Ethical Problems
Susan A. Salladay PhD, RN

$3.95
Nursing2014
December 2010 
Volume 40  Number 12
Pages 10 - 11
 
  PDF Version Available!

ABSTRACT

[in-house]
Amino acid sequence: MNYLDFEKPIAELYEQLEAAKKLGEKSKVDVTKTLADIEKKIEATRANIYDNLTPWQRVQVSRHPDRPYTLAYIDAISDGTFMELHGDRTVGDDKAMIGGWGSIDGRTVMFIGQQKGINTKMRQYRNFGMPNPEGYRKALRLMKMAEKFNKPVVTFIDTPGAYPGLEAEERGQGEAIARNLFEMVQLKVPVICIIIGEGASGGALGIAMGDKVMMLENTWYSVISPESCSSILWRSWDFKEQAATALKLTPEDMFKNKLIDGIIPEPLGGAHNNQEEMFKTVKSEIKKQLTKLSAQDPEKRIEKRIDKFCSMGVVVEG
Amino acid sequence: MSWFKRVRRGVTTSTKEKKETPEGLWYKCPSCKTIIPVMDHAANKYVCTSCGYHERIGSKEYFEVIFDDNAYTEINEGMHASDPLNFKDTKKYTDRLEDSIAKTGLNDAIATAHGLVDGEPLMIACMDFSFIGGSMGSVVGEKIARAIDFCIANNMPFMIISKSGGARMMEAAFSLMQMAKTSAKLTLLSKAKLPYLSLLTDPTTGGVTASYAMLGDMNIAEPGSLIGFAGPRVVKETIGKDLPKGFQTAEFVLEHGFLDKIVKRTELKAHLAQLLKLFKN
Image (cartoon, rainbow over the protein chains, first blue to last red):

I'm a staff nurse at a small community hospital. Recently I cared for an acquaintance who's a local realtor. When I casually mentioned that our family was thinking about selling our home and purchasing a larger one, she offered to help me with the sale for a reduced commission. She even said she'd have a plan ready to go as soon as she's released from the hospital.I asked my manager about the wisdom of pursuing this arrangement. She advised that this could be seen as a "dual relationship" in which professional roles and responsibilities overlap with a personal relationship. But she told me not to worry as long as I maintain professional boundaries and confidentiality.I'm still doubtful. What do you think?-J.L., N.C.You were wise to seek a second opinion from your manager, but the advice you got isn't sound. State law and nursing ethics prohibit nurses from developing business, social, or sexual relationships with patients (or former patients).In business relationships, "I'll scratch your back if you scratch mine" is an approach that gets things done. But in healthcare, professional relationships are carefully limited and clearly structured to avoid conflicts of interest.The nurse-patient relationship is not a friendship or a business relationship, and its purpose isn't the mutual exchange of information or services. The situation you describe blurs the boundaries and gives the professional relationship a social dimension.Professional boundaries exist to protect both nurses and patients from overstepping expectations. In this relationship, the patient's willingness to reduce her commission could be viewed as a favor granted to guarantee a certain type or quality of care that you don't normally give to all patients. The patient could also be seen as meeting your needs, rather than the other way around.Review your hospital's policy and procedure on professional relationships and boundaries. Then thank your patient for her willingness to help, but decline her offer. Explain

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